Politics is often a blood sport. When John Major succeeded Margaret Thatcher as British prime minister in the 1990s, opinion polls showed how unpopular he was.
But to the surprise of many, he won the 1992 General Election for the Conservatives. Mr Major’s administration was, however, dogged by allegations of “sleaze”. Some MPs were found to have taken money in exchange for political favours. But whatever you thought of John Major, and however nasty some of the sleaze proved to be, he himself did the right thing.
He cracked down hard on those who did wrong, and as someone from a working class family he seemed a very different type of Conservative leader from many of his fellows with their background of Eton, Oxford and endless privilege. Nowadays John Major has retired from active politics, but he has returned to cause a stir.
In a recent speech and newspaper article he has made clear his distaste for the leadership of Boris Johnson (Eton and Oxford, of course.) Much of the coverage of Major’s intervention has focused on his criticism of Mr Johnson personally, his staff and supporters, after their unbelievable excuses for breaking lockdown laws.
As Mr Major put it, they look "shifty". But what is most interesting about this former prime minister’s intervention against a fellow Conservative is that he has noticed that the damage is not just to Boris Johnson or his allies, but to the institutions of British democracy itself. It is not just about personalities but about a style of government which risks undermining British constitutional principles, conventions and the norms of behaviour that we have come to expect, even within the sometimes brutal world of party politics.
The damaged institutions Mr Major catalogues include parliament itself, the judiciary, the civil service and the BBC. The minister responsible for the BBC, Culture Secretary Nadine Dorries, seems to loathe the world’s most famous broadcaster. She suggested that the way the corporation is funded is about to end, then backtracked, but the threat remains.
As Mr Major notes, starving funds from the BBC, “a crucial part of our overseas soft power” is “self-defeating for UK interests”. Then there is the British civil service. Like every huge bureaucracy, it has its failings but the Johnson government has treated public servants with great hostility as a useless bureaucratic “blob”. Mr Major says this is “foolish and wrong”.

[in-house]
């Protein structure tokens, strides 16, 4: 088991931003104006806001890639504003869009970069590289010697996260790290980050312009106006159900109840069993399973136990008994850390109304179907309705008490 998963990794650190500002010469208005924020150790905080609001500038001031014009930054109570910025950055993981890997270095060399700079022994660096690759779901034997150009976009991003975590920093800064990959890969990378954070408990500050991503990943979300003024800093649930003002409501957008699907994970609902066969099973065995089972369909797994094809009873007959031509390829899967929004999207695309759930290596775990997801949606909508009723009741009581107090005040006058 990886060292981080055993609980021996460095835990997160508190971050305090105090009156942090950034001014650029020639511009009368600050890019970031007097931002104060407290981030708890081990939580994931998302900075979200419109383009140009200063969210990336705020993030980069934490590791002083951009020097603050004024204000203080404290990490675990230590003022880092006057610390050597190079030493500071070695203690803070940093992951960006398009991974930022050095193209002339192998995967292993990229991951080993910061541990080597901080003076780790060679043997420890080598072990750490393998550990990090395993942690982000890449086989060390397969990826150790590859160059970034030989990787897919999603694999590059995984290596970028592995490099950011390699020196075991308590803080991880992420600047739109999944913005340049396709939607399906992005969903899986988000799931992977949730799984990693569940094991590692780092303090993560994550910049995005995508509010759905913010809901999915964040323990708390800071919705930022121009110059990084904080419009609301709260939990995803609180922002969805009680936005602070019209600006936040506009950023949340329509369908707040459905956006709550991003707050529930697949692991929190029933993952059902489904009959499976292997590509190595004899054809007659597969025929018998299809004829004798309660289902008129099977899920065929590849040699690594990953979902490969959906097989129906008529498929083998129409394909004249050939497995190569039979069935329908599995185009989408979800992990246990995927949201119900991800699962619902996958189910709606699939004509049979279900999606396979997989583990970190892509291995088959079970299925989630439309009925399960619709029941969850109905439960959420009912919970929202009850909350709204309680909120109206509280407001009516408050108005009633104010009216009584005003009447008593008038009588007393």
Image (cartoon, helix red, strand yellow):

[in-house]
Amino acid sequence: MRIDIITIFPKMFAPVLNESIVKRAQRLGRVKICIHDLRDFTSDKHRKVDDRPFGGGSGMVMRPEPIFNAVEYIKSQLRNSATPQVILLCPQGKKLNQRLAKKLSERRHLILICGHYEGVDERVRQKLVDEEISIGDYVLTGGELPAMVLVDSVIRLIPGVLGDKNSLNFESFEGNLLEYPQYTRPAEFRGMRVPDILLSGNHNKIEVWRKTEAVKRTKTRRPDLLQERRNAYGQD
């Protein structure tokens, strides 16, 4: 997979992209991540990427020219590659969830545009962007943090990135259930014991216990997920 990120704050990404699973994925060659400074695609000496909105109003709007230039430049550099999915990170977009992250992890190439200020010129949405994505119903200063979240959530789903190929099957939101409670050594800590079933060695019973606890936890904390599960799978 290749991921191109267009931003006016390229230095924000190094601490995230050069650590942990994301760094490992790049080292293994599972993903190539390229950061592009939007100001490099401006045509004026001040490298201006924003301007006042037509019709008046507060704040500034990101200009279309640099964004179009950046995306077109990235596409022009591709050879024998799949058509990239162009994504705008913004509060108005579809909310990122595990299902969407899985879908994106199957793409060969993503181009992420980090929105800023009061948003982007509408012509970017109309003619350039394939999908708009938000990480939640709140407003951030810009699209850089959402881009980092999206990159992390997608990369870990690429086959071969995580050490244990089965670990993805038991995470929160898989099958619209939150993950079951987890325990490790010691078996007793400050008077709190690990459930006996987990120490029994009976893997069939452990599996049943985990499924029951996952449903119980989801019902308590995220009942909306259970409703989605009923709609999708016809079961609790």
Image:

The English and Scottish courts were also hauled into a row when Boris Johnson tried to prorogue parliament. That is a mechanism by which the prime minister could send MPs home, but in Mr Johnson's case it was clearly an undemocratic attempt to prevent parliament debating the Brexit mess. When the UK Supreme Court unanimously found against the Johnson government, the prime minister and his allies not only disagreed with the verdict, they suggested the judges were guilty of a “constitutional coup” – precisely what Mr Johnson himself had attempted.
The Johnson government then even contemplated new powers to break international law by unilaterally changing the Brexit deal as it affected Northern Ireland. As one minister put it, this law-breaking was only “in a limited but specific way”. Perhaps bank robbers or dangerous drivers could claim that they, too, only break the law “in a limited but specific way”. Fortunately these proposals were abandoned too.
The reason John Major is concerned by all this dodgy dealing goes well beyond his obvious dislike for Boris Johnson. He also dislikes intensely the lies and half-truths associated with the prime minister, falsehoods which Mr Major says are simply “not acceptable”.
But the real reason for Mr Major’s concern is that public trust in British democracy is at a very low ebb. The constant attacks on the institutions of democracy by our own government are causing damage well-beyond a here-today-gone-tomorrow Johnson administration blundering around in Downing Street.
The US presidential democratic system famously depends on the separation of powers. The president, the Congress and the courts are deliberately separated and act as checks and balances on each other to prevent any one branch of government becoming too powerful.
The British system relies on precisely the opposite idea, the fusion of powers through what is called “the Crown in Parliament”. It means that the executive branch (the prime minister and government) and the legislative branch (parliament) work together under the monarch, in this case the Queen. But in practice, a prime minister with an enormous majority in parliament (as Boris Johnson now has) who pushes his powers to the limit can profoundly undermine the traditional solidity of British democracy. Or as John Major puts it: “if any of that delicate balance goes astray – as it has, as it is – our democracy is undermined.”
No one, certainly not John Major, is accusing Boris Johnson of dictatorial ambitions. But when someone as calm and as canny as John Major sounds alarm bells, it is time to take notice. The system is not working.